We have to be careful about how we use the term past tense. The verb go has no cognate past simple form derived from it. It has a kind of past participle gone. So if we want a past simple, meaning the past of what I go means, we have to resort to the past of another word, now rare in ordinary (non-poetical or archaic) language: 'wend', whose past form is 'went'.
But the use of 'been' in the way that puzzles you goes back a long way. There is the nursery rhyme, for example:-
Pussy cat, pussy cat, where have you been?
I've been to London to look at the Queen.
"I have been to London" is in the poem, not "I have been in London." It means almost the same as "I have been in London", but not quite the same, I should say. It has the sense of going to a place and coming back again in a short time.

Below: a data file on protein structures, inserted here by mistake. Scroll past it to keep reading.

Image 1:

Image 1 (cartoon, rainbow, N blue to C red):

So "I've been to Africa twice" means that I have visited Africa twice (perhaps on holiday, or business or for research). "I've been in Africa twice", on the other hand could mean the same thing, but it could equally means that I have lived in Africa for some significant period of time (longer than a long holiday, for example).